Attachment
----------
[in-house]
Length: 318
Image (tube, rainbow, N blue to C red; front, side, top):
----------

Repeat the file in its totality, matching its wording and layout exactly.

[in-house]
Length: 318
Image (tube, rainbow, N blue to C red; front, side, top):